The preceding ObjectDataSource control saves rows through the Save method, which takes an Employee object. Note that when you set the DataObjectTypeName property, the UpdateParameters collection is ignored. The ObjectDataSource instantiates a default instance of the object before the operation is performed and then attempts to fill its public members with the values of any matching input fields found around the bound control. Because this work is performed using reflection, the names of the input fields in the bound control must match the names of public properties exposed by the object in the DataObjectTypeName property. A practical limitation you must be aware of is the following: you can’t define the Employee class using complex data types, as follows:

public class Employee {
public string LastName {...}
public string FirstName {...}
public Address HomeAddress {...}

Representing individual values (strings in the sample), the LastName and FirstName members have good chances to match an input field in the bound control. The same can’t be said for the HomeAddress member, which is declared with a custom aggregate type such as Address. If you go with this schema, all the members in Address will be ignored; any related information won’t be carried into the Save method, with resulting null parameters. All the members in the Address data structure should become members of the Employee class.

Unlike the insert operation, the update operation also requires a primary key value to uniquely identify the record being updated. If you use an explicit parameter listing, you just append an additional parameter to the list to represent the ID, as follows:
<asp:ObjectDataSource runat="server" ID="MyObjectSource"
<asp:Parameter Name="employeeid" Type="Int32" />
<asp:Parameter Name="firstname" Type="string" />
<asp:Parameter Name="lastname" Type="string" />
<asp:Parameter Name="country" Type="string" DefaultValue="null" />

Note that by setting the DefaultValue attribute to null, you can make a parameter optional. A null value for a parameter must then be gracefully handled by the business object method that implements the update.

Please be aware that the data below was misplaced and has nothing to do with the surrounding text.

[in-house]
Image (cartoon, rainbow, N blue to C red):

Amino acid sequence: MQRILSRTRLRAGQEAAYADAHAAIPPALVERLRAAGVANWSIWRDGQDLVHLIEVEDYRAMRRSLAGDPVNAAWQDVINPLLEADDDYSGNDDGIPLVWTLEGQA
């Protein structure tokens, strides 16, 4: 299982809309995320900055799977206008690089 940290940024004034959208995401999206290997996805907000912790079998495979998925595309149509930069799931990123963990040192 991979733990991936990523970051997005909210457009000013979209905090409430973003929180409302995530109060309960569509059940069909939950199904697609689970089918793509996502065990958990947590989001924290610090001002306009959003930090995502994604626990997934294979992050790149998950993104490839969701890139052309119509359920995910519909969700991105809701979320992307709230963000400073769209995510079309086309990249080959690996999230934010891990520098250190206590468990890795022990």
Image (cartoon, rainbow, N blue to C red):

There’s an alternative method to set the primary key—through the DataKeyNames property of GridView and DetailsView controls.

<asp:GridView runat="server" ID="grid1"

When DataKeyNames is set on the bound control, data source controls automatically add a parameter to the list of parameters for update and delete commands. The default name of the parameter is original_XXX, where XXX stands for the value of DataKeyNames. For the operation to succeed, the method (or the SQL command if you’re using SqlDataSource) must handle a parameter with the same name. Here’s an example:

UPDATE employees SET lastname=@lastname
WHERE employeeid=@original_employeeid

The name format of the key parameter can be changed at will through the OldValuesParameterFormatString property. For example, a value of ‘{0}’ assigned to the property would make the following command acceptable:

UPDATE employees SET lastname=@lastname
WHERE employeeid=@employeeid

Setting the DataKeyNames property on the bound control (hold on, it’s not a property on the data source control) is also the simplest way to configure a delete operation. For a delete operation, in fact, you don’t need to specify a whole record with all its fields; the key is sufficient.


In data-bound controls such as GridView and DetailsView, the DataKeyNames property replaces DataKeyField, which we found on DataGrid and DataList controls in ASP.NET 1.x. The difference between the two is that DataKeyNames supports keys based on multiple fields. If DataKeyNames is set to multiple fields (for example, id,name), two parameters are added: original_id and original_name.

4.7 Configuring Parameters at Runtime

When using ObjectDataSource with an ASP.NET made-to-measure control (for example, GridView), most of the time the binding is totally automatic and you don’t have to deal with it. If you need it, though, there’s a back door you can use to take control of the update process—the Updating event:

protected void Updating(object sender,
ObjectDataSourceMethodEventArgs e)
Employee emp = (Employee) e.InputParameters[0];
emp.LastName = "WhosThisGuy";

The event fires before the update operation climaxes. The InputParameters collection lists the parameters being passed to the update method. The collection is read-only, meaning that you can’t add or delete elements. However, you can modify objects being transported, as the preceding code snippet demonstrates.

This technique is useful when, for whatever reasons, the ObjectDataSource control doesn’t load all the data its method needs to perform the update. A similar approach can be taken for deletions and insertions as well.

  •  ASP.NET 4.0 : Data-Binding Expressions (part 2) - Other Data-Binding Methods
  •  ASP.NET 4.0 : Data-Binding Expressions (part 1) - Simple Data Binding